The Science of Teaching Writing

A blog on teaching, with an emphasis in teaching writing.

Saturday, October 22, 2005

Let's Go Outside

In the Poudre School District, most schools in the 6th grade take their students to either Pingree Park of the YMCA at the Rockies for three days and two nights of Science and Ecology lessons. It is one of the highlights of the year for the students, a way for student to learn Ecology in a more hands on approach, and also a real time of bonding for all who go, but also a great way to do teaching outside of the classroom.
Too often, writing is an activity with paper and pencil for kids, where they sit at a desk where they try to follow the formula of expository writing that that been drilled into them since third grade. Even when doing narratives, it's hard for some kids to get going--if a sixth grader doesn't have to sit quietly in a desk, they don't.
I took my kids outside to write. I cut really thick cardstock into quarters, cut unlined paper--I was trying to make it as untraditional as possible) stapled it, and took them outside to write. It was awesome. Up at Pingree Park as the sun is setting, it had lightly snowed the night before, the smells of the mountain were rich. After the sun set, the stars were littered across the sky like brilliant white crumbs of light. Kids were writing about how the ground felt--a cold that drains your body heat and energy, the pine needles flat and square like little rollers--the smells, the sounds of the wind and the Poudre river. It was wonderful. We shared our writing, talked about what we really liked of the writing that was shared, and one of my boys said, "We should do this more often. This is really fun."
As winter nears here in Colorado, I know I will take my kids out to enjoy the last of the fall, again in the Winter to enjoy the silence that comes with the season, in the Spring with all its newness, and the early summer smell that is delicious.
Besides, I hate sitting at a desk, too. And why not have a little bit of fun while we're at it?

Saturday, October 08, 2005

Peer Revision, Editing & Conferencing

My sixth graders have finished their summer narratives--thank goodness as it is already October--and after teaching poetry to 118 kids, reading each poem and giving each poem thoughtful feedback, I was no where near excited about reading 29 narratives. So often each year, I get 25% that are amazing, 50% there are pretty good, and 25% that are terrible: misspellings, grammar mistakes, terrible handwriting, zero voice and detail. My weekdays and so jam-packed, they end up being my weekend reading, and reading these over a weekend have me going through more up's and down's than a speed freak.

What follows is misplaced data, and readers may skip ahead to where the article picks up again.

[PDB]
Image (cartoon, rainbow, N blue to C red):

My sixth grade teaching partners and I were looking through student data from the CSAP (our state tests) and we were talking about what do to for next quarter, how to bring up the standards we were least meeting. We talked about using rubrics with our kids, but just before, we were talking about peer-conferencing and editing. And that is where I decided to blend the two.
I made an excel sheet that broke down the areas I felt most needed to be addressed (voice, detail, number of sentences per paragraph--I have several "slackers"--and conventions) and then they filled in what would be an A, B, C, D, & F. We did this whole class, the excel sheet on a transparency, and they debated what were the requirements for each. Long before this happened, maybe a week, my students met with their peer-conference partner, and the writer read their piece to partner, and the partner would stop them when they had something to say--give more detail here; this is where you need a new paragraph. A week before that, kids had Author's Circles, where groups of 3 to 5 kids read their narratives, and were offered suggestion to help them springboard into re-vision (re: again, a new; vision: the power of sight) and most of my kids went back to their pieces with great ideas, and a few boys picked their noses and drooled on their desks because that is their work ethic.
On Monday, each writer gave their stories back to their peer-conference partner, rubric stapled to it--just to add, kids had copies of their rubrics the Friday before to see if they were measuring up. Students read each other's work, and then, with a hi-lighter, X-ed the part of the rubric where they felt the piece was. Before they did this, I told them, "You're following a rubric, not giving a grade, so, if it's a ONE, so be it. That's how we get better."
This last Friday, I gave the narratives back to my students, and this was their last chance to make, what I call, finishing touches. I had 26 of my 29 kids aggressively revising their narratives. I made them skip lines, this way they had room to add, change, and so on. As far as the three who weren't, one was sick, and two were doing what they do best, trying to look like they were looking. Notice the trying.
As I sit in a coffee shop in Old Town, drinking my Americano, I'm pleased as to what I have to read in front of me. The 28 isn't all that pleasing, but I know their work is better because of each other, because of the community of writers we are continuing to build. Had I used class time ot go over each piece with them, we would not be done. And very often, the advice students receive from each other is more valuable to them, than what a teacher will say. I saved time--I have mroe class time to teach--and myself some aggravation as to what I have to read.